The Supreme Court Bar Association has dropped its case against prominent lawyers over an apology to the Chief Justice of India.

A day after former Attorney General of India K K Venugopal intervened, the Supreme Court Bar Association (SCBA) decided to drop its case against senior attorneys Kapil Sibal and Neeraj Kishan Kaul for apologising on behalf of the SCBA to Chief Justice of India D Y Chandrachud.

“Keeping in mind the letter of Shri K K Venugopal, addressed to the undersigned, and in the larger interest of the Bar, the Executive Committee of SCBA has authorised the undersigned to write a letter to the Bar regarding the Executive Committee’s decision to recall the Notice for the General Body Meeting,” the letter, signed by SCBA president Vikas Singh, stated.

The SCBA also alleged that the planned meeting was cancelled because CJI Chandrachud convened a special bench to hear the case concerning the allotment of Supreme Court land for the construction of additional lawyers’ quarters.

On March 2, Singh requested an urgent hearing on the matter, which resulted in CJI Chandrachud instructing him not to raise his voice and to leave the court. Sibal and Kaul, who later came before the CJI’s bench in an unrelated case, apologised to the bench.

“I apologise for what happened this morning. Please accept my apologies. No one of us should cross the Lakshman rekha. “I don’t think the bar should go beyond the bounds of civility,” Sibal had stated.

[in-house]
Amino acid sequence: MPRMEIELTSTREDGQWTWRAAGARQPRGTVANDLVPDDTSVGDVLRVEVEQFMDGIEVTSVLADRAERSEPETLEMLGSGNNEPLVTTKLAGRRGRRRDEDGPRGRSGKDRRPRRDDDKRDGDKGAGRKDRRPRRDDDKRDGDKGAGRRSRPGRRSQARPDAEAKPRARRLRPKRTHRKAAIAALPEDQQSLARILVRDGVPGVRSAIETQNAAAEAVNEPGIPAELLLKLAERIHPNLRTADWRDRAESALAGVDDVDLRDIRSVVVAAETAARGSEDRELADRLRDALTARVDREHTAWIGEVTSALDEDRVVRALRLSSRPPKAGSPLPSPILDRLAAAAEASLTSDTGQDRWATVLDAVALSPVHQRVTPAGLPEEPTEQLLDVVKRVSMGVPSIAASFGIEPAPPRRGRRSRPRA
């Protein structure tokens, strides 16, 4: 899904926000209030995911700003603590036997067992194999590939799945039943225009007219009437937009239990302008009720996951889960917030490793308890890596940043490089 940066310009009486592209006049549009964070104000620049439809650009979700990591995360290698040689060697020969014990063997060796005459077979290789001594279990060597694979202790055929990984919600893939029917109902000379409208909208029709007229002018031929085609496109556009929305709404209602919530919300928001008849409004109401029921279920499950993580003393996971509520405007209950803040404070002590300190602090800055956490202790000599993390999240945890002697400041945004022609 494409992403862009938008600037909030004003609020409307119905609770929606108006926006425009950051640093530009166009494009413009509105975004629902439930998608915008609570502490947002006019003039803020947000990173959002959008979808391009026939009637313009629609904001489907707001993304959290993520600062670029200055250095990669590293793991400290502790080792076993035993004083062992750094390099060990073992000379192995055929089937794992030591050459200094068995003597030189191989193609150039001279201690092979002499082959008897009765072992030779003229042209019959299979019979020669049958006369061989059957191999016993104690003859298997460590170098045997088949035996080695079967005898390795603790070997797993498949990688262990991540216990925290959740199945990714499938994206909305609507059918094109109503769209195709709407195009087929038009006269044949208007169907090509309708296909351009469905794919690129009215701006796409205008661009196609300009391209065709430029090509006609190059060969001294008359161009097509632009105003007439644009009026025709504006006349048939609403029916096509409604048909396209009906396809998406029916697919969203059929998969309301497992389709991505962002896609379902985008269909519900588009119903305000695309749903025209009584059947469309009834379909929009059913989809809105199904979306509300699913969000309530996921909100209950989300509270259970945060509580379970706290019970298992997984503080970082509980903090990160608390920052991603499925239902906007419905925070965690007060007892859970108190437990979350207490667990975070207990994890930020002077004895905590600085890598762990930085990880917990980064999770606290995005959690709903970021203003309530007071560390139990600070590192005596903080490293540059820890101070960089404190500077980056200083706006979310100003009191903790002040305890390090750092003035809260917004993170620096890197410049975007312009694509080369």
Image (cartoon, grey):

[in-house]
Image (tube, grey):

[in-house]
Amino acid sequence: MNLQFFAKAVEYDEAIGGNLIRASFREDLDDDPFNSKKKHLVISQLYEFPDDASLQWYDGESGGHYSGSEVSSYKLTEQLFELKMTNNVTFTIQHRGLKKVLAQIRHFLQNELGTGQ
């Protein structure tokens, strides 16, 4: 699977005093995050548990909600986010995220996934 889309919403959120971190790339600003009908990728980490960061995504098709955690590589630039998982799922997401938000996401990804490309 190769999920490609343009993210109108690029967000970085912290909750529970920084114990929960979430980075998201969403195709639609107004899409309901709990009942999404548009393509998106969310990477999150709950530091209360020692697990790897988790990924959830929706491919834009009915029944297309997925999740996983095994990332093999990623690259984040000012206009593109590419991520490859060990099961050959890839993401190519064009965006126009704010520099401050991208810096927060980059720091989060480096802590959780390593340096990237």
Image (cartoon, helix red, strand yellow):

The apology caused the SCBA to issue a show-cause notice to the senior lawyers for presenting an apology on Vikas Singh’s behalf.

Another resolution submitted by the SCBA was to express sympathy with Singh in his efforts to build their chambers. On March 16, the SCBA was supposed to vote on these resolutions.

On March 14, Venugopal, who has previously served as SCBA president for three terms, wrote to Singh, demanding that both resolutions be withdrawn. Venugopal further reasoned that the apology was provided to “keep cordial ties between the bar and the bench,” and that passing such resolutions could create “factions in the bar” and forever sour the “peaceful relationship” that its members had.

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